April 6, 2020
This joyful Eastertide,
away with sin and sorrow!
My love, the Crucified,
has sprung to life this morrow.
Had Christ, who once was slain,
not burst his three-day prison,
our faith had been in vain.
But now has Christ arisen,
arisen, arisen, arisen.
[Evangelical Lutheran Worship #391]
The assigned lectionary readings for Sunday, April 12, 2020, the Resurrection of Our Lord, are as follows:
As I sat down to write this reflection, it struck me that I have not preached an Easter sermon in six years. Since becoming bishop I have spent Easter Sunday morning sitting in the pew, next to my wife, at worship in my home congregation. We have also found meaning in attending an Easter Vigil on Saturday evening at another congregation, since I didn't have preaching obligations anywhere.
So, like many of you, I find myself in a strange place this year, not having a choice in where to attend Easter services. Like you, I will observe at home, in lockdown, as we all observe what seems to be a perpetual Good Friday.
Several years ago, evangelist Dr. Tony Campolo wrote a book titled, It's Friday, but Sunday's Comin'!
How appropriate that title seems for what we are living these days. It's Friday, but Sunday's Comin'!
We have been living Good Friday for a number of weeks, to the point that one day runs into another with little difference other than the increase in numbers of those affected by the deadly Coronavirus and those who die from it.
We are like the women at the tomb, grief-stricken and fearful. We are like Joseph of Arimathea, who took Jesus' body down from the cross on Friday, and with the help of the women, wrapped the body of Jesus in a linen sheet and carried him to that tomb. Together, they watched as a huge stone was rolled across the entrance of the tomb, sealing the dead Jesus in his grave forever, so they thought.
We are united in our fear. This deadly virus respects no one. No matter what class, race, ethnicity or gender, all are vulnerable. However, as with many illnesses, the elderly, the poor, the migrants and refugees, suffer in greater proportion.
It's Friday, but Sunday's Comin'!
Our sisters and brothers in the Jewish community begin their celebration of Passover on Wednesday. In Canton, where I live, a local retired Rabbi is planning a "virtual" Seder, the Passover meal that celebrates Israelites' liberation from slavery following a series of plagues inflicted upon their Egyptian captors. He jokingly told our local newspaper's religion writer, "who would have believed that Passover would be canceled by a plague."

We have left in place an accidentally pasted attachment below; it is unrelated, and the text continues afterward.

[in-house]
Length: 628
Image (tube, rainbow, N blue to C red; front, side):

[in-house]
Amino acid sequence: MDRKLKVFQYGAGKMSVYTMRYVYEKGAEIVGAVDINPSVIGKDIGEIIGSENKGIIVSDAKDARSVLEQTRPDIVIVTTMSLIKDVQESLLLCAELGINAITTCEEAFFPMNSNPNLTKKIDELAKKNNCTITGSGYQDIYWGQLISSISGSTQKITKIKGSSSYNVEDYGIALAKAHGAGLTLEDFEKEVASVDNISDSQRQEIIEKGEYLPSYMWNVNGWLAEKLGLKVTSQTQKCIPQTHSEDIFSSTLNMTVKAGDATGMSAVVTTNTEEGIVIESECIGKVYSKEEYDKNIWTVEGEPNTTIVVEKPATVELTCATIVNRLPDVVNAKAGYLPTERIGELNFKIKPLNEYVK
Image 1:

A Seder concludes with a final prayer asking God to bring the Messianic Era, when all Jews will be gathered to Jerusalem and all humankind dwells in peace. They all shout, "Next year in Jerusalem! Next year, may we all dwell in peace!"
In that hopeful appeal, we hear strains of, "It's Friday, but Sunday's Comin'!"
I once wrote in a sermon years ago that we'll never know the joy of Easter or experience it on the same level as the followers of Jesus knew it and as they experienced it on that first Easter Sunday morning.
Perhaps this will be our most genuine Easter experience. Not this Sunday necessarily, but the day when the stay at home orders are lifted, and we are able to gather in our church buildings once again.
Matthew's gospel states that the women, "left the tomb quickly with fear and great joy, and ran to tell [Jesus'] disciples." [Mt. 28:8]
These are words of hope. And this is how we are called to look at this time of pandemic, with a mixture of fear and joy.
The resurrection is not something that happened 2000 years ago. It is what has changed the way we look at life today. And it has changed the way we look at the future. Though we may fear the present, we face the future with joy. That promise that death does not have the last word is our hope.
We are an Easter people. We live in the resurrection. Inspired by our faith despite the limitations the pandemic places on us now.
It's Friday, but Sunday's Comin'!
The members of our synod pastoral team will once again be videotaping sermons for Easter Sunday. In addition, I will be recording a reflection for rostered ministers in lieu of our canceled Renewal of Vows service, and a special Easter message for congregations, which should be available Wednesday.
A few years back I read a sermon from the famous fourth century preacher, St. John Chrysostom, that is held up as the model of excellent Easter preaching. I offer here a few lines from that sermon that capture the good news which I hope you will hear Sunday morning somewhere:
In Chrysostom's words:
Let no one fear death, for the Death of our Savior has set us free.
He has destroyed it by enduring it.
He destroyed Hell when He descended into it.
He put it into an uproar even as it tasted of His flesh.
Christ is Risen, and you, o death, are annihilated!
Christ is Risen, and the evil ones are cast down!
Christ is Risen, and the angels rejoice!
Christ is Risen, and life is liberated!
To Him be Glory and Power forever and ever.
Christ is risen, indeed!
This week's closing prayer is for those who are on the front lines of this pandemic, the health care workers. There are many of them who worship in our congregations. If you know one, please add them to your prayer list. Many will become COVID-19 victims by the mere fact that they are exposed to this illness daily. This week's prayer is taken from our Evangelical Lutheran Worship Hymnal:
Merciful God, your healing power is everywhere about us. Strengthen those who work among the sick; give them courage and confidence in all they do. Encourage them when their efforts seem futile or when death prevails. Increase their trust in your power even to overcome death and pain and crying. May they be thankful for every sign of health you give, and humble before the mystery of your healing grace; through Jesus Christ our Lord. Amen
(Evangelical Lutheran Worship, p. 85)
+Bishop Abraham Allende